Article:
Teach English in China and experience the nuances of an ancient culture…
I was experiencing the nuances, all right. I looked down at my bed—a generous description for that narrow plank two inches off the ground. Not even a thin mattress to rest my arthritic 62-year-old American self on. My roommate, Rosemary, giggled. I was used to that by now.
I’d arrived in Bao’an, on the outskirts of the city of Shenzhen, three weeks earlier, excited to teach English as part of my master’s degree program. I’d pictured my students hanging on my every word. It turned out eight-year-olds are the same everywhere—hyper! Plus, it was sweltering, and my classroom didn’t have so much as a fan. Thank goodness I’d finally mastered my first Chinese sentence. Wo yao bing shui—I’d like ice water. The other teachers in the program were just out of college, up for anything. Even the chicken feet and beef-blood stew in the cafeteria. Me, I couldn’t seem to settle in and get comfortable.
Especially on that board bed. I crouched and crawled onto it, my joints creaking. Rosemary laughed again. “Rita, why’d you decide to enroll in this program, anyway?”
I’d seen the puzzled looks from the other teachers. The locals who stopped and stared—and sometimes reached out to touch my white-blonde hair. What in the world was a 60-something widow from Southern California doing in Bao’an, far off the tourist track?
I shifted to take the pressure off my bad knee. “Okay, Rosemary, if you really want to know…”
It all started with my husband, Paul. I never thought I’d find my soul mate at age 52. Then I met Paul at a church luncheon. It was the beginning of a wonderful adventure. Which was really different for me. I’d been at the same job—teaching elementary school—for 39 years. Not like Paul. He’d sailed the seven seas, even lived in Japan. I’d never set foot on foreign soil. Paul made plans for us to travel, see the world. “Rita, you gotta dream big,” he was always saying. “Get out of your comfort zone.” We were going to drive cross-country. Backpack through Europe. But five years into our marriage, Paul died of cancer. Counseling, support groups…nothing eased my grief. What was I supposed to do with my future now that the love of my life was gone?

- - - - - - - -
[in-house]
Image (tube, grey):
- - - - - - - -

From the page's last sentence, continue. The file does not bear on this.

Then, one spring morning, a voice blaring from my clock radio jolted me awake: “Teach English in China and experience the nuances of an ancient culture.…” Just as suddenly, the ad cut off, mid-message. The radio went back to music from the station I kept it tuned to. Strange.
I wanted to hear the rest of the message. I listened for that ad for a whole month. It never played again. Finally, I called the station.
“We don’t air any commercial like that,” the manager said. I persuaded her to send me a list of the station’s sponsors. I e-mailed every name on the list, asking, “Do you offer a program to teach in China?”
Only one sponsor said yes—Concordia University. It was about to launch a pilot program for teaching English in China, as a requirement for its Master of Arts in International Studies degree. I met with the dean and the program director for an interview.
The dean looked at me the way the locals here did. “I was surprised to receive your application,” he said. “How did you even hear about the program? We haven’t officially launched it yet.”
“On the radio.” I explained about the ad.
The dean looked even more perplexed. He turned to the program director. “Did you place that ad?”
The director shook his head. “We don’t have the budget for it.”
Nobody could account for the voice that came from my radio. An odd message blaring in the darkness, one I couldn’t ignore.
“So I packed my bags,” I told Rosemary. “I needed to dream big. Leave my comfort zone and try someplace new.” I tapped the plank beneath me. “I just wish it came with a more comfortable bed.”
This time when Rosemary laughed, I did too.